We know a Mother’s diet plays a large role in the development of a baby during pregnancy but let’s give Dad some credit too. Studies have recognized that a man’s diet and parenting style contributes to a child’s development and overall health and weight gain.
Getting older can’t be avoided. Women in particular experience unpleasant hot flashes, mood swings, night sweats which are common during menopausal life changes. A recent study suggests that certain diet patterns could result in either more severe, or even fewer negative symptoms.
Rather grab a cheeseburger or a veggie burger? When it comes to the best saturation, protein may play the crucial role! This is shown by a current study which relates in particular to vegetable protein.
Fruits and vegetables are essential in a balanced diet to maintain weight and avoid chronic disease. Research out of The University of Otago, New Zealand took a closer look to see how cooked or processed fruits and vegetables stack up against raw.
New research published in Neurology suggests that if fruits and vegetables are missing from a man’s diet – he could have a higher risk of memory loss!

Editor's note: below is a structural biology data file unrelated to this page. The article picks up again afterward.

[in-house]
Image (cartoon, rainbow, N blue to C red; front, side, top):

What is intermittent fasting? And does it really work? Now, another study adds to the body of evidence, suggesting that condensing daily eating hours may be effective in creating fat loss.
Some things are simply better together – and same goes for the diet as well. We’re talking about the so called synergy effect of food. A new study has examined the interaction of blueberries and grapes and their effect on our memory performance. Find out more here!
A candy bowl on a co-workers desk can be nearly irresistible at times. New research out of Johns Hopkins University reveals that junk foods can be twice as distracting as healthy foods.
Children are notoriously finicky when it comes to what they eat. And because eating habits are set early, it’s important to introduce a variety of food including fruits, vegetables and whole grains EARLY.
Family meals are powerful. Industry leader, Food Marketing Institute (FMI) reports that children who eat at the table with their family tend to get better grades in school, are less likely to smoke, are more emotionally balanced and consume 24% more healthy and fiber rich items like fruits and vegetables.